As a media house, from the very beginning, we have been extremely vocal about the Indian judiciary – and that’s why we have also started our bimonthly supplement of Governance Watch with a special focus on the judiciary. We strongly believe that a poor justice delivery mechanism has been the root cause of most of our problems. It goes without saying that India has a weak, or rather a limping justice delivery system, which makes sure that justice is denied in most cases; and even if delivered, it does not hold any value, thanks to the time (read lifetime) it takes to be delivered. By the Centre’s own admission, there is a staggering number of nearly three crore court cases pending at several stages in different courts of India. This situation is a deliberate creation of our successive governments. If criminals were to be punished, how would they rule?
Thus, to make the rule of criminals easy, the governments in India over the years have deliberately kept the judicial system in our country dysfunctional. It serves the purpose of the legal fraternity as well. Thanks to the years or decades that it takes to execute a case and to take it to its culmination, the legal fraternity invariably ends up making a windfall profit. And thanks to the absence of a time-bound justice delivery mechanism, making moolah is not at all a challenge for our legal fraternity, as they are quite adept at purposefully making cases hang on for years. The only thing that we nowadays talk about is corruption. And the one and only solution for solving this issue of corruption is a functional judicial system. Corruption and greed are globally prevalent; yet these touch far less lives in the USA than in India simply because the American judicial system is functional while ours is dysfunctional. In America, they have ten times more judges per million people than in India; so there is a fear of immediate punishment – while in India, there is no such fear of punishment.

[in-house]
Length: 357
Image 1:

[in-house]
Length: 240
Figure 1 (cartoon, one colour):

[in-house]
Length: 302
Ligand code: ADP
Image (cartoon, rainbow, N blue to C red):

Thus, there are two key things that the government must do to make our judicial system functional. The first is to take the number of our judges to about ten times the current figures. If we are to try and achieve such standards, we need to have about 100,000 or so more judges. It sounds huge, but is surely achievable; and in a span of five years too. Therefore, to have 20,000 additional judges per year, we have to budget for approximately Rs. 6,000 crores per year additionally, assuming that the expenses around a judge and his office assistants put together would be (and is actually definitely) not more than Rs. 30,00,000 per year. Given our massive annual budget and given that at least we at the IIPM Think Tank have been lobbying for the same through our alternate budgets for more than 11 years now, it’s a shame to see budgets being passed year after year with no focus on the judicial machinery and with no substantive budgets being allocated for improving the said system – that too after the government bravely declared that by 2012, all the backlog of our 3 crore pending cases will be cleared. It’s just a year more to go and nothing concrete has happened in that direction. The second thing the government must do is pass a statutory law in the Parliament that would guarantee and typically force the delivery of justice in a timely manner. In developed countries like the US, for petty cases, people filing cases in the morning get justice literally by the evening. Even if India doesn’t end up being so fast, still the concept of having a law that enforces that a case be adjudged within a stipulated time would be good enough.